Sizing up your opponent
Most people know the story of the young Israeli sheepherder, David, beating the over-sized Philistine warrior, Goliath. David’s sling provided a modicum of control so that he could project his stone to an unprotected spot on his opponent’s forehead between his eyes. This allowed the small guy to bring the giant down remotely – without getting in harm’s way. Broadly applied, you might call David’s weapon a remote controlled stone. You might.
The concept of the little guy getting the best of the Enterprise-sized giant is familiar in the business world. So much so, that an Indie Public Relations firm has called itself David & Goliath. You’ve doubtless seen their Kia Stinger and Jack in the Box ads.
To broaden even further to our common theme of technology, let’s apply the paradigm of David vs. Goliath to the world of data gathering. If we name the giants as Facebook and Amazon, what might we conclude? That there’s a David out there somewhere ready to take them down; that the benefits of Big Data, IoT and the Internet itself, give the needed advantage to overcome the data giants; that if you are a giant, it’s best to stay hidden, secretive and out of line of sight of the many targeting Davids.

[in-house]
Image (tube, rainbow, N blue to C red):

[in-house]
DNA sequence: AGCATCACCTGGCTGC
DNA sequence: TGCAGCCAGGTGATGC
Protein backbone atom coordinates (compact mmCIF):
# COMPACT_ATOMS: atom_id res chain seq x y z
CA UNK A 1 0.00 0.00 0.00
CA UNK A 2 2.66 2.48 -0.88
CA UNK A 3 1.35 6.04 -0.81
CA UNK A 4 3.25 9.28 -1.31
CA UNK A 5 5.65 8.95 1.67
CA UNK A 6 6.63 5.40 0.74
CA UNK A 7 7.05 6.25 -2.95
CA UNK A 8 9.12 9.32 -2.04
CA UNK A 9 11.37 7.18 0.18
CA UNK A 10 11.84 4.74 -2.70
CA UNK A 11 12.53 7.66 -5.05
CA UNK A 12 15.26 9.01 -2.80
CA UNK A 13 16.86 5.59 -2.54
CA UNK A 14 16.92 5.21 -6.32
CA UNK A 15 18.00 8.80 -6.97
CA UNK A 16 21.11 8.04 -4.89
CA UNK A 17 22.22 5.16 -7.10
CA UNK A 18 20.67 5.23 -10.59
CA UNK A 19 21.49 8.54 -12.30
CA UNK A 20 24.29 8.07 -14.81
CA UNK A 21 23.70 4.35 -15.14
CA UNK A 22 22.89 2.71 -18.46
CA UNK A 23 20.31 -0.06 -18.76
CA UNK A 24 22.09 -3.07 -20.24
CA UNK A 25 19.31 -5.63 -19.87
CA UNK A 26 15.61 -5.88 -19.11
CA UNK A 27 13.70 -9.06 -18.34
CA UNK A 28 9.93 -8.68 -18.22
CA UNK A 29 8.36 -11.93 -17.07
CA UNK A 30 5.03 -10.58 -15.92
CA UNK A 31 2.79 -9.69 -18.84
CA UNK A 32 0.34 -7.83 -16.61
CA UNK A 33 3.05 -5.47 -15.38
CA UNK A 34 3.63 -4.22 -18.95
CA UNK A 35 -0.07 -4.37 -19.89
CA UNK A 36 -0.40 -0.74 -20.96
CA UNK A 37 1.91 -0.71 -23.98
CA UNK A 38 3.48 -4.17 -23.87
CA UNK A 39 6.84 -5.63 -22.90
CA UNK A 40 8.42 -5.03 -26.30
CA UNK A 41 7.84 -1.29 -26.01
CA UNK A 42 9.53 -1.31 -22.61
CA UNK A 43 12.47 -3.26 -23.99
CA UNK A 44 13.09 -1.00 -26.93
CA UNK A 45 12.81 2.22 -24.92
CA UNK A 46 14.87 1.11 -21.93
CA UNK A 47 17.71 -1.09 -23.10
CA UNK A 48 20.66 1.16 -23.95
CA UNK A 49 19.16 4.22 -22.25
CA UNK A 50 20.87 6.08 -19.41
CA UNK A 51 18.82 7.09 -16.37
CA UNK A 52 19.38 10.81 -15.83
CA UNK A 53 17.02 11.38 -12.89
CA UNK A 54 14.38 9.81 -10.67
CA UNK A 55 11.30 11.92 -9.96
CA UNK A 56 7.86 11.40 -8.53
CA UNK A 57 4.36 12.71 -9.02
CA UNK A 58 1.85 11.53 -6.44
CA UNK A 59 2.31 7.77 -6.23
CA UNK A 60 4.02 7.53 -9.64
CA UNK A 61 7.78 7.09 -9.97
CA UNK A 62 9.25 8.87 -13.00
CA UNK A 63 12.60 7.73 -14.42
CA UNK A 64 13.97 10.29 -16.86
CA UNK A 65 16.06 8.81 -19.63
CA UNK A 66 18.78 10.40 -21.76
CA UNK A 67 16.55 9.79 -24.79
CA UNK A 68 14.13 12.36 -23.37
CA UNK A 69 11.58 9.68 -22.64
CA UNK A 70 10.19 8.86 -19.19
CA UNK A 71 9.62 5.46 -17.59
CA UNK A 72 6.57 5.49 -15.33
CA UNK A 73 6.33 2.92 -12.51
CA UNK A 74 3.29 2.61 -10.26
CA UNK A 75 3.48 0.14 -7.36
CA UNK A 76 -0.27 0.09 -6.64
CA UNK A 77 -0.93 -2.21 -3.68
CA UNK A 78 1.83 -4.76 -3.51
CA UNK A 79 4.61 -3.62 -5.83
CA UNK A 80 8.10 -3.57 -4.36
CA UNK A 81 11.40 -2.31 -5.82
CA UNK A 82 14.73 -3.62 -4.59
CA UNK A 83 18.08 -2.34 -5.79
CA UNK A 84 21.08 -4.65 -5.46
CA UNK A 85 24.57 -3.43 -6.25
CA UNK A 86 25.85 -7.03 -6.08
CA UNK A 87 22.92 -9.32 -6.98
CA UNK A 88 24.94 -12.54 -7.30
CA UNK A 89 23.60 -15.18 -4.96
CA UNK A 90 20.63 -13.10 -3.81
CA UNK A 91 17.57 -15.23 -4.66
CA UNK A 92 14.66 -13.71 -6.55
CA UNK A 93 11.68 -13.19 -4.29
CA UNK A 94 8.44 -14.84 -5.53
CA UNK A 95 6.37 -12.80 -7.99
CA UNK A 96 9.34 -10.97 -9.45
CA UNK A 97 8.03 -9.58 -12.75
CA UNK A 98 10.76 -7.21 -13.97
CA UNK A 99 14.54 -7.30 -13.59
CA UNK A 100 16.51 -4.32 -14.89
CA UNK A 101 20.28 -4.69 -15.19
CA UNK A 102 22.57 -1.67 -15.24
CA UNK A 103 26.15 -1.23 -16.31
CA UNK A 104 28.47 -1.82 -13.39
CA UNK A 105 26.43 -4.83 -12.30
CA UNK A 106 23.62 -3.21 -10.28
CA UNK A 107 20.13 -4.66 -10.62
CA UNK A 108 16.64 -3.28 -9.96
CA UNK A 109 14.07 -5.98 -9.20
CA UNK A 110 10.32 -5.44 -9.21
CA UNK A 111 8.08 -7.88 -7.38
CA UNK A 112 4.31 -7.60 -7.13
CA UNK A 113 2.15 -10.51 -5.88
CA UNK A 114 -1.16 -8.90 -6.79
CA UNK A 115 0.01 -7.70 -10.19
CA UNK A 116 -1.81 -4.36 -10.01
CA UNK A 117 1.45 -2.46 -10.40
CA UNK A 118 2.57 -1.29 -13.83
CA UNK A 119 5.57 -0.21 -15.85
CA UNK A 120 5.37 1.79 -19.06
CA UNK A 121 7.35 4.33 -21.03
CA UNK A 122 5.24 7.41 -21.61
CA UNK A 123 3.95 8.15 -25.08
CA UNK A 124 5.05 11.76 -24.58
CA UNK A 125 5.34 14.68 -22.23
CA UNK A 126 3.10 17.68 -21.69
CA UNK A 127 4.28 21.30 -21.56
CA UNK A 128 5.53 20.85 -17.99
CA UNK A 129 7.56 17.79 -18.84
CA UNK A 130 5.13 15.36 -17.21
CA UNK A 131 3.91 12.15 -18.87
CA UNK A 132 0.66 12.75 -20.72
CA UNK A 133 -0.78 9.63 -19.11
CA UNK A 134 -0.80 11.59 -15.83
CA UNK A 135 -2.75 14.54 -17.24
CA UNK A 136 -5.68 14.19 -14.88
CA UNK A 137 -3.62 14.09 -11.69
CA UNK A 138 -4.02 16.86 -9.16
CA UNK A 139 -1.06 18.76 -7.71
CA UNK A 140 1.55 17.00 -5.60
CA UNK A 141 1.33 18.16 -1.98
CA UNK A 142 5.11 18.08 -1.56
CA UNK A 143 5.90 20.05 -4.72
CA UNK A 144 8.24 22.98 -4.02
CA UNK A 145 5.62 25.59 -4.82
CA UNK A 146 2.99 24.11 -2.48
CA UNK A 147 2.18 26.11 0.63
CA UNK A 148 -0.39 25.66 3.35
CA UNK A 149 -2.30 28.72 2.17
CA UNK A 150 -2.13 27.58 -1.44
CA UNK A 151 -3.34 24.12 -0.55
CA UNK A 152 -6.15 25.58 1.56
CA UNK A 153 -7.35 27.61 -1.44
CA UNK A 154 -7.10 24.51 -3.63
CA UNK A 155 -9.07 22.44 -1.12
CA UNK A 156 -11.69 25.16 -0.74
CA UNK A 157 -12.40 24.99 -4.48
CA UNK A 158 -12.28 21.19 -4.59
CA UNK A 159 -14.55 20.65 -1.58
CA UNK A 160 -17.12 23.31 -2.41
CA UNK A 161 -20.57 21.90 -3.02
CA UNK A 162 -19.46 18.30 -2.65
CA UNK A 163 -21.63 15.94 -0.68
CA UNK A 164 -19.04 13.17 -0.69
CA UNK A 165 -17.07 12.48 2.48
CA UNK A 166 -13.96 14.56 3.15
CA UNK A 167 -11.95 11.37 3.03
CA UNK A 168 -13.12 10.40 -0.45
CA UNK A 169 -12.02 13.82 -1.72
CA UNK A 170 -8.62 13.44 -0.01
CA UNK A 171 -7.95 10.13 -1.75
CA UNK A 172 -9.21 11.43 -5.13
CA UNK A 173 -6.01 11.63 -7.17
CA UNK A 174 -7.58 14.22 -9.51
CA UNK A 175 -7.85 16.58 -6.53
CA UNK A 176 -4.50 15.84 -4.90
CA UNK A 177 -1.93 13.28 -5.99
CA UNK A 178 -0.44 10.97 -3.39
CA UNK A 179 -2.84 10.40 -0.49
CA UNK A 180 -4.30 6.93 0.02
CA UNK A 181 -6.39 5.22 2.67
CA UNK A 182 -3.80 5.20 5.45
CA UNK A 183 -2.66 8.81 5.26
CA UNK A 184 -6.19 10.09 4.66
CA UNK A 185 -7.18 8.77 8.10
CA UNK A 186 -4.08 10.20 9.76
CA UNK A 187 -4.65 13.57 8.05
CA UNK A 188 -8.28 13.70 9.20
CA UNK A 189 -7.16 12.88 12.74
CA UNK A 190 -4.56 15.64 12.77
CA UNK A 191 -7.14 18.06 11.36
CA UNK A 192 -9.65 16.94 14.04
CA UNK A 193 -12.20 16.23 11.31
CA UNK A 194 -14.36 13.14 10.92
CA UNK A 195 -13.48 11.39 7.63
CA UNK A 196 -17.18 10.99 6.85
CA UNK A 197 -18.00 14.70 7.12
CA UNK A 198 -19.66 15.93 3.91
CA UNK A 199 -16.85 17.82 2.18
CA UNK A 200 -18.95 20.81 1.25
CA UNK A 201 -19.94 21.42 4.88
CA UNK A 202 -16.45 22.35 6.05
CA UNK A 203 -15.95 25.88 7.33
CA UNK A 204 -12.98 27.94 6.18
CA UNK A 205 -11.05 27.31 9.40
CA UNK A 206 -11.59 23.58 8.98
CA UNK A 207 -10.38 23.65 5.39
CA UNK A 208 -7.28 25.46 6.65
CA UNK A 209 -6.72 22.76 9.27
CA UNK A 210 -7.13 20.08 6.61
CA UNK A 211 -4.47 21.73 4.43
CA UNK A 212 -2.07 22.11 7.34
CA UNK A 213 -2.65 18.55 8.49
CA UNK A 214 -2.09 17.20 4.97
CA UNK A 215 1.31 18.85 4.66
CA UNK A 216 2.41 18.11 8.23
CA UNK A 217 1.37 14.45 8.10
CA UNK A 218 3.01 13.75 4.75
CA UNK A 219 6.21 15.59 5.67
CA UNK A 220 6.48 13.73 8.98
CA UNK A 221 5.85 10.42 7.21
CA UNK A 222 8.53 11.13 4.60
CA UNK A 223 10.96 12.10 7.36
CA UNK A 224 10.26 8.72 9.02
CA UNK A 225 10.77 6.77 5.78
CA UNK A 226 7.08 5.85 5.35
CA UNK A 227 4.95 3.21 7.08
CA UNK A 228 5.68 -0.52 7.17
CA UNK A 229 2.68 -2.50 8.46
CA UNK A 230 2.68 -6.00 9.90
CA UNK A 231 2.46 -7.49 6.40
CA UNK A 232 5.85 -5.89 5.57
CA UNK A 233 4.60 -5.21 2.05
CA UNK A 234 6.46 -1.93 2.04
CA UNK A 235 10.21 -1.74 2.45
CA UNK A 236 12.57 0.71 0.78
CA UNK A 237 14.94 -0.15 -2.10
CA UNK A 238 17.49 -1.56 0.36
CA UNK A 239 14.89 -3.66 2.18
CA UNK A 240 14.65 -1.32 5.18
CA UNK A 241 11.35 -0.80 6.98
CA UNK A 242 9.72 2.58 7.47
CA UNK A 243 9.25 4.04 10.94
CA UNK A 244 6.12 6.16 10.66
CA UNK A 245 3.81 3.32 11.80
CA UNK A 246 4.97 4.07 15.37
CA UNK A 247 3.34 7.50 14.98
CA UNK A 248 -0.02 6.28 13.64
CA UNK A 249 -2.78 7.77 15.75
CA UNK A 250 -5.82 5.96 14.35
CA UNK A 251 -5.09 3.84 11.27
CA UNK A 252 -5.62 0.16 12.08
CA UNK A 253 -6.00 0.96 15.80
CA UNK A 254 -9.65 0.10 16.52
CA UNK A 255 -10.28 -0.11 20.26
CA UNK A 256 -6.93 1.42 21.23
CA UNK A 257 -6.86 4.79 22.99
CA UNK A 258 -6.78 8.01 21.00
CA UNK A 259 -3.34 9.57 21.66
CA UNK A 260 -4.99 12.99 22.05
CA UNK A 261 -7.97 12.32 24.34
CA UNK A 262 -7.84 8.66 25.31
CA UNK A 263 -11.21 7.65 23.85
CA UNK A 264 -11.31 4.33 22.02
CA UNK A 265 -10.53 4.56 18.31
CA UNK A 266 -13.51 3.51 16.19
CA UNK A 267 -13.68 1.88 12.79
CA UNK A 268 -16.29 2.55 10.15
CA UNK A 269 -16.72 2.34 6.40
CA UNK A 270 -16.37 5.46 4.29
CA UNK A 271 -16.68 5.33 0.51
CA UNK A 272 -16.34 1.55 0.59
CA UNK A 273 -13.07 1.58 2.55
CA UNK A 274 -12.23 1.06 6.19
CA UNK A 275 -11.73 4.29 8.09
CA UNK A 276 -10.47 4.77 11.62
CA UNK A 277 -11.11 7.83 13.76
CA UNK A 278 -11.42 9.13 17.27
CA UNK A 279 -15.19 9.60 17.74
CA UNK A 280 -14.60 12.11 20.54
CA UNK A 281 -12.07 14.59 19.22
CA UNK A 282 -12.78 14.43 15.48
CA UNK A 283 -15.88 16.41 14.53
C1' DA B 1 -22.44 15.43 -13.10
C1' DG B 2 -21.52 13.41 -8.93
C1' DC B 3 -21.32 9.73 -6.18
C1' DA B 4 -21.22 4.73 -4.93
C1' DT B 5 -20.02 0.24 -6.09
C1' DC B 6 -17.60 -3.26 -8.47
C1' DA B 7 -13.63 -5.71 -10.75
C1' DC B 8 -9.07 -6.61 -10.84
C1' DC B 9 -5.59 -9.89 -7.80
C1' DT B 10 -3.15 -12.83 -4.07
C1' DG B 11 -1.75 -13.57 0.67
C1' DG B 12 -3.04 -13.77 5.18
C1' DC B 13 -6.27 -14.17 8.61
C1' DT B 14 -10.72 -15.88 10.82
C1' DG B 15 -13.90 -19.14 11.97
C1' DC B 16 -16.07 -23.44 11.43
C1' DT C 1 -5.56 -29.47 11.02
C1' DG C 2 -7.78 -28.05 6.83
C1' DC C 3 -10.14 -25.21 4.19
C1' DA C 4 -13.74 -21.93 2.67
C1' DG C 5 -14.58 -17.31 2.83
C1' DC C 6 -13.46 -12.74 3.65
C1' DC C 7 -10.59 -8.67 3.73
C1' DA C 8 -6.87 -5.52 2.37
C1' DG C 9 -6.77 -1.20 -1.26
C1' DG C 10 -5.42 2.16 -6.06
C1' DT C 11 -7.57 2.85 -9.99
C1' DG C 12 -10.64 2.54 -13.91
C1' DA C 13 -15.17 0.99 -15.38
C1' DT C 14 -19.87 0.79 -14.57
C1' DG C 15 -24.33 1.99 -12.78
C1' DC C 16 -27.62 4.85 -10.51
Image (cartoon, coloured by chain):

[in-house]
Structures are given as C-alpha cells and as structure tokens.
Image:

Stay out of sight or your business will be disrupted. That’s the view of William Davies in this quote from his online opinion article, Short Cuts. “Better a world full of snake-oil merchants like Cambridge Analytica, who eventually get caught … than a world of vast corporate monopolies such as Amazon and Facebook, gradually taking on the functions of government, while remaining eerily quiet about what they’re doing.” Admittedly, the silence of the giants is deafening. Davies uses the word “eerily” to describe corporate silence that seeks to stay out of sight. I wonder if a better word would be “ominous.”
Maybe it is best to stay quiet and out of sight. Maybe. Goliath was a champion of renown. He openly boasted of his claim of superiority. And he’d proven his ability sufficiently to boldly bear the label champion. But there came a day when he met his match. Business disruption is a reality even for the giants.